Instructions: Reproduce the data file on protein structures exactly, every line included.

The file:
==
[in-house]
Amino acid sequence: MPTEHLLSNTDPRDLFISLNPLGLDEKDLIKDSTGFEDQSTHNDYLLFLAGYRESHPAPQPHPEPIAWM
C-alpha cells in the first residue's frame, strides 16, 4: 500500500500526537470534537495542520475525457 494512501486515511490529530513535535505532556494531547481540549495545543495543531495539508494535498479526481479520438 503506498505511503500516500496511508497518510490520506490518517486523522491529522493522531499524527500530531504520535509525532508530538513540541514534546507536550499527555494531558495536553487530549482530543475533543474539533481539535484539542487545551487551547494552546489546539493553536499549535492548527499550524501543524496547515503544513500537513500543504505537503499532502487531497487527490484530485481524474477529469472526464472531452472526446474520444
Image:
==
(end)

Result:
[in-house]
Amino acid sequence: MPTEHLLSNTDPRDLFISLNPLGLDEKDLIKDSTGFEDQSTHNDYLLFLAGYRESHPAPQPHPEPIAWM
C-alpha cells in the first residue's frame, strides 16, 4: 500500500500526537470534537495542520475525457 494512501486515511490529530513535535505532556494531547481540549495545543495543531495539508494535498479526481479520438 503506498505511503500516500496511508497518510490520506490518517486523522491529522493522531499524527500530531504520535509525532508530538513540541514534546507536550499527555494531558495536553487530549482530543475533543474539533481539535484539542487545551487551547494552546489546539493553536499549535492548527499550524501543524496547515503544513500537513500543504505537503499532502487531497487527490484530485481524474477529469472526464472531452472526446474520444
Image: